On Prelude: to Cora, trumpeter Ambrose Akinmusire offers a wide-open musical perspective, inviting a wealth of influences to shape a personalized approach to improvisation and composition. Akinmusire seems content with allowing the music to fall where it may; eschewing trends and any pre-conceived notions about what is expected from a debut recording.
The Oakland, California-native generously shares the spotlight with his ensemble of like-minded collaborators. Pianist Aaron Parks, vibraphonist Chris Dingman, tenor saxophonist Walter Smith III, bassist Joe Sanders and drummer Justin Brown each bring a voice of distinction, leading the way for much of the session. Brown's beat-box-meets-Tony Williams fury on the opening "Dreams of the Manbahsniese" is a fascinating contrast to Akinmusire's flowing theme. Dingman is downright hypnotic on "Vibe Solo Intro" and "Aroca." Parks demonstrates imaginative solos and contributes the pop-influenced tune "Ghost Ship."
Although Akinmusire's trumpet playing is not the primary focus here, there is plenty of space allotted for the leader's acrobatic blowing. The spontaneity and forcefulness on "HumSong (Skidrow Anthem)" balances nicely with the more melancholic "Trumpet Intro/Dedication to Ruby." The young trumpeter's straight-ahead chops are showcased on Benny Golson's "Stablemates," performed as a duet with Parks.
Prelude: to Cora is so full of unbound creativity, it will be interesting to see what this emerging artist has in store for the jazz world.
Track Listing: Dreams of the Manbahsniese; Vibe Solo Intro; Aroca; HumSong (SkidRow Anthem); M.I.S.T.A.G. (My Inappropriate Soundtrack to a Genocide); Trumpet Intro/Dedication to Ruby; Ruby; Trapped in a Dream; Dingmandingo; Stablemates.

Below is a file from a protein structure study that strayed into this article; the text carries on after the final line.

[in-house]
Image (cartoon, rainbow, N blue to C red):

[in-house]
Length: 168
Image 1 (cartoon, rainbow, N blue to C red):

Personnel: Ambrose Akinmusire: trumpet; Aaron Parks: piano; Chris Dingman: vibes; Walter Smith III: tenor saxophone; Joe Sanders: bass; Justin Brown: drums; Logan Richardson: alto saxophone (5, 9); Junko Watanabe: vocals (1, 5, 7).
Why do I love jazz? Well, depending on what you mean by jazz, I can send an answer in any number of directions. Briefly, I was exposed to this crazy music as a little boy, my dad good friends with the local music store, where he bought sheet music to play from his baby grand
Why do I love jazz? Well, depending on what you mean by jazz, I can send an answer in any number of directions. Briefly, I was exposed to this crazy music as a little boy, my dad good friends with the local music store, where he bought sheet music to play from his baby grand. Their massive record collection, my parents taking me to concerts and clubs (only one of five kids to do so), the Magnavox furniture stereo/radio ... it all added up. It was complex, emotional music. And it had rhythm! I drummed and followed the music through the '60s even as I enjoyed the new musics of my generation.
Along with side-trips to other musicians and music, it's been one hell of a pony ride ever since.